April 1, 2014.
Physical Abuse and Neglect on Children
Research has shown the relationship between the types of child abuse. According to some research, it has been stated that there are three major forms of child abuse: physical abuse, emotional abuse and sexual abuse. Studies have also demonstrated reliable evidences to support how these forms of child abuse affects children and their adulthood relationship. According to some research performed by some authors, experts who work in the field of child-care are now able to identify and understand the psychological problems that abused victims are likely to develop later in their adulthood stage. Kathryn Hildyard and David Wolfe’s essay on child neglect mentions how child neglect affects children’s health development. Child neglect is known to be the most usual form of child abuse due to the large amount of children that have been neglected or not cared for. Kristen Springer and Jennifer Sheridan’s article on physical and mental health consequences explains how physical abuse affects children emotionally in their early stages of childhood.
Kathryn and David’s article explains that the most usual cause of child neglect is the lack of proper care and attention towards the attitudes and the behaviors of the children; this leaves the children careless and makes them put themselves in harm’s way. The authors also stated that children may encounter physical maltreatment when their physical needs are not being met and cared for, and the failure to keep proper observation on the children’s behavior may lead them to be sexually abused. To aid their claims, the authors made a study on the three stages of child development; the adolescence, the infancy and the adult stages. The authors aim is to clear up the effects and the differences of neglects and to reveal the similarities between neglect and abuse. The authors performed a study in Minnesota on abused children, who took part in the mother-child experiment. The study was done on the development of the 267 children who participated with experiment. “In this study, two groups of neglectful mothers were identified ‘neglectful’ mothers and ‘psychologically unavailable’ mothers. Whereas the mothers in the neglectful group failed to provide adequate physical care or protection for their children, the mothers in the psychologically unavailable group were characterized emotional attachment and unresponsiveness”.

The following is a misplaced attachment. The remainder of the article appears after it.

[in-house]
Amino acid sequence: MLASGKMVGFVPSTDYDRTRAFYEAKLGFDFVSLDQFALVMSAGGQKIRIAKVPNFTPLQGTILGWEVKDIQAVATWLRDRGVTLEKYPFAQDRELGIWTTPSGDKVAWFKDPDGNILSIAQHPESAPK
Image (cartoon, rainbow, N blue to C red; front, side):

The authors mention that the ‘psychologically unavailable’ mothers showed signs of lack of proper care and attention to the children’s needs, and neither were they available for the children emotionally. According to David and Kathryn, abused children tend to develop insecurities towards their parents or caregivers more than the non-maltreated children. The authors supported this argument by showing some examples and studies of children who experienced abuse at a very early stage. They indicate that “children who...